University of Modena and Reggio Emilia, Italy
Title: A proteomic-bioinformatic integrated approach for studying the effect of a peptide drug candidate on ovarian cancer cells
Prof.Maria Paola Costi has completed her Ph.D Medicinal chemistry at the age of 29 years from the University of Modena and Reggio Emilia and postdoctoral studies from University of California San Francisco (UCSF). She is professor of Medicinal Chemistry at the Department of Life Science at Unimore. She has published more than 85 papers in international journals, many patents and serving as an editorial board member of a few journals. Board member of translational science in oncology group of the MITO network and WG leader of drug discovery and development of EUTROC. Coordinator of a number of collaborative European projects.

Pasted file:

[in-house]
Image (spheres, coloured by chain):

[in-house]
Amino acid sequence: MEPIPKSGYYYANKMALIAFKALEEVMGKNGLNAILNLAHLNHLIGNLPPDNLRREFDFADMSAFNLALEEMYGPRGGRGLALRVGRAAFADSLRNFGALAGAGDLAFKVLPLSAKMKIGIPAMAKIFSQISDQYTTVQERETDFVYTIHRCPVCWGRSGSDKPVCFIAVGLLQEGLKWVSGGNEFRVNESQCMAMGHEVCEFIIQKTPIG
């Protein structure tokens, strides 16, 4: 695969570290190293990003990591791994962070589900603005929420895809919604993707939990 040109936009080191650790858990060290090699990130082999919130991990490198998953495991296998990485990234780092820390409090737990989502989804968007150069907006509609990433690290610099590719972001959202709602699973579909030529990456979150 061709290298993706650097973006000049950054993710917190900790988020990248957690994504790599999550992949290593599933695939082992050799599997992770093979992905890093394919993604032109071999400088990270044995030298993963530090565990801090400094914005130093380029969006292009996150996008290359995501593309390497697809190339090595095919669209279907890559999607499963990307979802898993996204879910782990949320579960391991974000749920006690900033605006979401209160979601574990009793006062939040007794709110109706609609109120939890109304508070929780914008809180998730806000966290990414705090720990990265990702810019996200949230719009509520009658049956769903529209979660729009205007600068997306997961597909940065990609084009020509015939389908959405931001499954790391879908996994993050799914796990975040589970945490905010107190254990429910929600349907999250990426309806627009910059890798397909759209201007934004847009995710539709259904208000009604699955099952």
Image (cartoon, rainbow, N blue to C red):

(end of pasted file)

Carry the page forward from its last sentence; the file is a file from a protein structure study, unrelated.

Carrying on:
Ovarian cancer is severe pathology with 75% of therapeutic failure after cancer diagnosis. The standard first-line treatment consists of a combination of paclitaxel and platin drugs. However platin drugs rapidly develop resistance that includes over-expression of Thymidylate Synthase (TS), and other folatome enzymes involved in DNA synthesis. Recently, we discovered a new class of peptides such as LR (LSCQLYQR) as TS protein-protein interaction inhibitor (Cardinale D. PNAS 2011). Unlike the classical antifolates such as pemetrexed (PMX) and raltitrexed, LR does not induce TS overexpression and shows growth inhibition of cisplatin sensitive and resistant OC cell lines. To develop more active derivatives with the same mechanism of action using a more informative tracer of the peptide activity (pharmacodynamic marker) we aimed at the identification of a protein set specifically modulated by the peptide, directly related to its biological effect. A label free semi-quantitative mass spectrometry approach was adopted to define differential proteomic profiles (DPP) of OC cell lines before and after LR treatment. The biologically relevant targets (TS and DHFR), the nodal proteins of the folatome (GART, MGMT and ATIC) and other connected proteins (TRAP1 and HSP90AA1) emerged from this DPP approach and were validated via western blot in A2780, IGROV-1 and A2780/CP cell lines. The proposed effect was also observed on a LR analog, thus confirming the rationale of the approach. WB analysis was also performed on cell lines treated with PMX, that binds at TS active site. Comparison between the peptides and PMX showed a different protein set pattern modulation thus supporting the concept of a different mechanism of action.
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